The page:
Guanylyl Cyclase C in Blood and Colorectal Cancer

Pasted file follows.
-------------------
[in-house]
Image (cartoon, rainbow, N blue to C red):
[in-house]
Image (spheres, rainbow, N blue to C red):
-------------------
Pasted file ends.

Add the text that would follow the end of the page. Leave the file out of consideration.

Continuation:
In the U.S., 50% of patients who undergo "curative" resection for colorectal cancer suffer recurrent disease. In part, this reflects the absence of techniques to detect occult micrometastases prior to clinically evident recurrence. Guanylyl cyclase C (GC-C) is specifically expressed by normal mucosal and colorectal cancer cells, but not by extra-gastrointestinal tissues and tumors. GC-C appears to be a sensitive and specific marker that can be employed to detect colorectal cancer cells in extra-intestinal sites. Preliminary studies demonstrated that GC-C RT-PCR could detect metastatic colorectal cancer cells in blood from all (34) patients examined with metastatic colorectal cancer. In addition, GC-C mRNA expression measured by RT-PCR detected occult micrometastases in lymph nodes that were free of disease by histopathology. Patients with lymph nodes positive for GC-C were at greater risk for cancer-related mortality compared to patients with lymph nodes that did not express GC-C These observations suggest that for patients undergoing post-operative surveillance for colorectal cancer, GC-C RT-PCR may be useful to detect micrometastases and recurrent disease earlier than other methods. This application will translate basic observations from our laboratory into new diagnostic tools for the management of colorectal cancer. In Specific Aim 1, GC-C expression will be examined in blood from control patients who do not have GI malignancies, with ages ranging from 40 yo to 90 yo, to establish the baseline value for GC-C RT-PCR in blood in the broad population of individuals at risk to develop colorectal cancer. In Specific Aim 2, the relationship between GC-C RT-PCR analysis in blood and metastatic colorectal cancer will be defined. It is expected that GC-C RT-PCR will be positive more often in the blood of patients with metastatic colorectal cancer compared to patients without metastatic disease. In Specific Aim 3, the temporal relationship between clinically evident recurrence and a positive GC-C RT-PCR will be compared to that of serum carcinoembryonic antigen (CEA) in serial blood samples collected prospectively from colorectal cancer patients undergoing post-operative surveillance. The prognostic value of GC-C RT-PCR will be compared to serum CEA levels in patients who recur during this study. It is anticipated that GC-C RT-PCR will be positive earlier and more frequently than CEA in the blood of patients who recur. The studies proposed will translate preliminary observations concerning the specificity of GC-C expression in human tissues and blood into clinical data which define the diagnostic utility of this novel marker for managing colorectal cancer patients during post-operative surveillance. These studies will form the foundation for future trials utilizing GC-C to identify patients at risk for recurrence who might benefit from therapeutic intervention.